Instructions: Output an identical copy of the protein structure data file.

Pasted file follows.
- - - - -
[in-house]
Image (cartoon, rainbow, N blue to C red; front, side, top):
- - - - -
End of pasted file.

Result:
[in-house]
Image (cartoon, rainbow, N blue to C red; front, side, top):